The results of this study have led to the development of management practices for the prehistoric quarries in Michaux State Forest, which will be presented to the Department of Conservation and Natural Resources, as well as the State Historic Preservation Office. There is ongoing consultation between the agencies, the research team, and the South Mountain Partnership which helped to fund the study. The project uses inter-agency collaboration and inter-disciplinary research to improve our understanding of the prehistoric quarries in South Mountain and help state agencies manage them more efficiently and effectively.

IUP Anthropology Department

Can You Dig It? An Excavation In Athens

By Heather Lash

I am not allowed to post pictures of the site, Aixonidai Halai, as are the rules of this excavation, but I will do my best to describe the entire site and my specific working area. The entire site is gated off by a tall metal fence which helps to outline what property is being worked on. Around the site are very elegant two- or three-story white, tan, or yellow plastered apartment buildings all surrounded by their own fence and various types of foliage. A highway runs right in front of the site, and the road which leads to the entrance of the site is a two-way street but really should be a one-way street because the number of cars which park on each side (illegally? legally? who knows because parking laws don’t exist). The entrance of the site is signified by a small clay hill which opens into an area full of rocks, clay, and ruins. To give you a better idea of what I am talking about, see the picture below of another excavation’s ruins. (Thanks to Google for providing this picture when I typed “archaeological ruins” into the search bar. I cannot take credit for this photo.)

Photo belongs to Ben-Gurion University. This site is Tel Be’er Sheva.

Aixonidai Halai looks somewhat like this, except much less clean, and the walls are deteriorating much more than this. Also, there is so much dirt, the dirt is everywhere, even when you do your best to remove it from the rocks to make them clearer. The wind blows, and your entire trench is covered again. Overall though, the picture gives a pretty good idea of what I was working with in Voula. On the first day of excavating, our group of 8 was split into two different teams. My team was in trench A9 and the other team was working in trench A8. Archaeology in Greece is much different than archaeology in the United States, or at least in comparison to the field school experiences I’ve had.

The digging style consists more of fast paced work using pick axes, hand axes, hoes and shovels to clear the dirt more quickly. Trowels are only used for articulation of features, such as walls, or for helping to make the trench walls straight. Not only is the digging style different, but so are the trowels which are used while digging. Non-Greek trowels are very common and used for many other purposes such as gardening or masonry.

Greek Trowel

These trowels are sharp on two sides which connect into a point. Greek trowels are sharp on three sides, and the three sides connect to make the shape of a triangle. Due to my previous use of a non-Greek trowel, I was much more comfortable using what I was familiar with, but it was cool to get some experience with a different kind of tool. This entire excavation overall was a really interesting and different experience because you’ll only really get this kind of digging in Greece.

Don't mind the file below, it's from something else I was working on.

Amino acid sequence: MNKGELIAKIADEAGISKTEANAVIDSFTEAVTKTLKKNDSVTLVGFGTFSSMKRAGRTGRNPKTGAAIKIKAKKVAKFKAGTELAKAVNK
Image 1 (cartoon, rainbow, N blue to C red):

Non-Greek Trowel

 

The purpose of our excavation was to continue to discover the story which was uncovered by previous excavations of the area. The trench directly next to mine had stone walls intersecting and opened up into a giant courtyard which was then surrounded by more walls. The foundations of these walls are thought to belong to workshops, and we were attempting to find the remaining outline of these workshops. To start out in our trench, we first needed to remove all the topsoil which included weeds, foliage, and other modern contamination. To do this we each used pick axes across the trench, pulling up the weeds first before we could really dig into the dirt. Once we got a substantial amount of the topsoil ripped up, we would use hoes to create giant dirt piles which we then removed from the trench to start the process all over again until we reached the next layer. While digging we had to pay special attention to what we possibly could be hitting in the off chance we found something of importance. However, most of the inclusions in the topsoil are modern and are not relevant to the project. Once getting through the topsoil, the technique is started all over again, moving between pick axes, hoes, shovels and sometimes the trowels.

Layer 1 quickly became much more interesting than the topsoil. In this layer we began to find materials which gave evidence of our progression towards the time period when these buildings were first built. Our progress of digging slowed as we were told to be cautious when encountering larger rocks as they could be the feature we were looking for. When we found a rock, we would dig around it until our layer was all flat, then we would articulate the edges of the rock to determine if it was just part of the building’s collapse, (meaning no other rocks would be found below it) or if it was actually important and needed to stay in the ground. This process continued for at least one whole week until we pretty much uncovered all of the important rocks and until most of the trench was completely level.